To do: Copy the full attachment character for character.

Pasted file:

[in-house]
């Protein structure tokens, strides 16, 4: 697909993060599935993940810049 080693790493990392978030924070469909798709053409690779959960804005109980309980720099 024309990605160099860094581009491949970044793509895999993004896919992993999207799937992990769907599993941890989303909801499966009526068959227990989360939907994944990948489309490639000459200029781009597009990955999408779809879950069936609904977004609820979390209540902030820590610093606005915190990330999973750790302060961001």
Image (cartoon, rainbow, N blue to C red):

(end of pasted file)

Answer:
[in-house]
């Protein structure tokens, strides 16, 4: 697909993060599935993940810049 080693790493990392978030924070469909798709053409690779959960804005109980309980720099 024309990605160099860094581009491949970044793509895999993004896919992993999207799937992990769907599993941890989303909801499966009526068959227990989360939907994944990948489309490639000459200029781009597009990955999408779809879950069936609904977004609820979390209540902030820590610093606005915190990330999973750790302060961001």
Image (cartoon, rainbow, N blue to C red):